Whether you are buying or renting, there is nothing more exciting than getting your first place. But there is a lot to do in preparation for this. It can be a really frustrating process, but just know in the end that it is worth the effort. Of all of the homes that I have owned, each one has a special place in my heart. Some caused great heartache in the purchase, but being a homeowner is a great feeling.
I never realized how much work buying or renting a home could be. There were so many deposits that I didn’t budget for. I had no idea of the amount of money that it took for closing costs. It is very important to make sure you understand what will be involved before making the decision to move out of your parents’ home.
Lastly, whether buying or renting, keep your yard and the outside of your home maintained. Nothing brings down the neighborhood more than overgrown shrubs and grass. House paint does not last forever. I am a licensed real estate sales associate, so I hope the information below will be helpful to you.
- For renting: usually first month of rent, last month of rent, and a security deposit
- Application fee for community neighborhoods or for renting
Buying a Home:
- If you are moving to a new area, always rent before you buy, if you can. Get to know the areas of the town to see which fits you and/or your family best.
- If you’re purchasing directly through the homeowner, make sure to have a real estate attorney review the contract.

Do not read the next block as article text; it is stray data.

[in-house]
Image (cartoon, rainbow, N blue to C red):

- If purchasing through a realtor, take your time and do not get pressured to buy. You can still have a real estate attorney review the contract if you are unsure of the wording.
- Do not buy the first home you see. View several homes before deciding.
- Know what you can afford. Get pre-approved.
- Check out the neighborhood where you intend to buy.
- If you do not have children but plan to, check out the local schools where you intend to buy.
- Know where the nearest fire station is located. This could help lower the price of your homeowners insurance.
- Do not buy to the limit of what you “qualify” for. This will help you in the long run to prepare for life’s unexpected events such as a loss of job or extended illness.
- Understand what you are signing. If you have questions and do not feel they are being answered, do not sign.
- Know when garbage pickup day is.
- Know when recycling day is.
- Find out if the property is in a flood zone. Shop around for quotes on flood insurance.
- Shop around for your homeowners insurance. Make sure you understand the policy and what it covers. Know what the policy will cover in the event of a natural disaster. Make sure you have adequate coverage to rebuild your home in case disaster strikes. Be sure to get replacement coverage on your home and its contents.
- If you are part of a homeowners association, know the rules and abide by them.
- If there is a homeowners association, make sure to get in the application and fee in plenty of time before the closing.
- Get an estimated list of the closing costs so that you understand completely what funds you will need. You need to understand that this is an “estimated” listing and you will need to be prepared to pay more than the list states in some cases.
- If you do not have enough for a down payment, consider asking a relative for the money. They can give it as a gift and write it off on their taxes.
If you have any questions on buying or renting your next home, please contact me today at (239) 390-4027. For more information on buying a home or renting an apartment, you can also pick up my latest book “Ace Your Life – Life Management Skills Made Easy.”